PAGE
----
By Darin L. Hammond
Madison County, Idaho is a frozen wilderness, pounded already this year by an 8" snow storm before Halloween. Madison also ranks among the most conservative, and Mormon, counties in the United States.
Google no longer catalogues the 2008 story of a disturbing bus ride in Madison School District, but I am alive to attest the truth of it. After Obama won the first election, children on an elementary school bus chanted the words that surely came from the mouths of their parents: "Assassinate Obama." The story was a brief national scandal. Madison County, a cold place indeed.
Thankfully, that incident has long since passed. The election this time around kindled more heat here, as Mitt Romney is a Mormon, along with nearly everyone in Madison County. Most vote republican reflexively, regardless of the candidate, but citizens would happily vote twice for a Mormon.
On election day, in my tiny gray booth, with an ironic blue curtain, I felt that my fellow voters would have appreciated a ballot with just one box: republican. I rejected the eerie sensation that an electronic eye was recording my liberal ballot punching.
In this climate, my wife and I raise a 10 year old, half-Hispanic son, who views President Obama, not as a Black man, but as a brown person, like his own reflection in our bathroom mirror. He sees a bit of himself in Obama, transcending even religion - Mormonism. He proudly voted in Lincoln Elementary School's own little election, for Obama.
I gave him a high five this morning when I surprised him with Obama's win. He was elated. Despite teasing from friends at school, who, of course, discovered that he supported Obama, my boy remained joyous, happy that one of his own would remain in the White House. I am proud of his courage.
My son is shy and sometimes lacks confidence, but he stood for his beliefs in the face of peer pressure, a skill I have yet to perfect.
I am reflecting on what Obama has done for a nation with a racial self-identity crisis that precedes The Declaration of Independence by almost 300 years. Each child, regardless of skin color, inherits a caustic racial past, but my son's identity is enhanced by the Black man in the White House.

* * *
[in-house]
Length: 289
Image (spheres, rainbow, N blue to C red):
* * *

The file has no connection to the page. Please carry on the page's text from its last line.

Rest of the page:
Think of the tremendous shift in the perceived-potential for my son and so many in this country, the collective self-esteem. Though we lack complete unity, so much has been accomplished by Obama and the country that voted for him, twice. I am touched when I think back to the first time my son asked, shyly, if it was "Okay" to vote for Obama. He is empowered by the vote.
Putting aside politics, Obama has helped heal a nation and open new horizons for children like my son. I reflect on Obama's words from his powerful 1st Inaugural Address:
"America, in the face of our common dangers, in this winter of our hardship … with hope and virtue, let us brave once more the icy currents, and endure what storms may come; let it be said by our children's children that when we were tested we refused to let this journey end, that we did not turn back nor did we falter; and with eyes fixed on the horizon and God's grace upon us, we carried forth that great gift of freedom and delivered it safely to future generations."